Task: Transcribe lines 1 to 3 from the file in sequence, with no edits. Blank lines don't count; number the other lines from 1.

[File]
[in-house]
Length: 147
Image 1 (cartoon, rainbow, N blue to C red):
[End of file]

[in-house]
Length: 147
Image 1 (cartoon, rainbow, N blue to C red):